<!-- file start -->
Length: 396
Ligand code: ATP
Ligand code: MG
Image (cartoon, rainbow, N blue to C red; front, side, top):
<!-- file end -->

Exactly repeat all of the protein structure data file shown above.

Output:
Length: 396
Ligand code: ATP
Ligand code: MG
Image (cartoon, rainbow, N blue to C red; front, side, top):